How Psychology Define Conspiracy Theory


define conspiracy theory

“Conspiracy theories” are efforts to justify the ultimate causes of major social and political activities and situations by alleging covert schemes hatched by two or more prominent players.

Although conspiracy theories are often associated with governments, they can be applied to any entity considered to be dominant and malevolent. A conspiracy theory is a claim of a conspiracy that may or may not be real.

1.Cognitive Biases

A group of people sitting at a table

Our minds attempt to simplify situations, but the contextual biases that follow do not always correspond to facts.

If you already believe Trump is the biggest thing since sliced bread and are being targeted by rivals. It is easier to follow that train and thought. And fit every information that you get to prove your previous theories.

2.Habit of Finding Patterns

The face of a building

Our minds like finding patterns, but they aren’t so good at distinguishing between random sequences and individual patterns. In truth, we seem to underestimate how often visible patterns occur in random series. Tossing a coin, for example, may yield outcomes that do not seem to be as “random” as they should be.

Illusory pattern perception happens when we interpret significant patterns that aren’t really present, and then we believe we can forecast the future based on the pattern we’ve just made up in our minds. This is something that a lot of habitual gamblers do.

3.Anxiety

People may support the fact that bad things happen on occasion in anxious, unpredictable times, but this is not always appealing. Conspiracy theorising is a handy means of putting all of the blame for negative stuff happening on “us,” making the illusion that everything would be fine otherwise.

4.Motivated Reading

According to a growing body of study, individuals with differing ideologies are more likely to perceive the same facts differently. Motivated rationality is one mechanism that may understand this robust result. When confronted with evidence that challenges their predispositions, people may use motivated logic to explain new knowledge so that it would not disrupt their previously held worldviews.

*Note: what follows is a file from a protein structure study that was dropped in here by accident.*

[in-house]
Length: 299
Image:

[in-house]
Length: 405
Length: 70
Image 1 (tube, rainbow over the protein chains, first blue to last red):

5.Role of Education

Higher levels of schooling are correlated with greater cognitive sophistication, which leads to individuals becoming more likely to notice the complexities of a case rather than accepting a simplistic answer for a difficult problem. People are less likely to accept conspiracy theories as their education level and observational styles are combined.

Illusory pattern recognition is often less likely in people who are well trained or thought analytically.

Another factor associated with a lower risk of promoting conspiracy theories is greater media literacy.

Conclusion

Where does this leave conspiracy theory psychology? Clearly, searching for consistent personality features or cognitive biases that distinguish believers from sceptics may not be the most fruitful testing path to explore. Instead, the focus should be on the investigation of conspiracy theories as a social and ideological phenomena.

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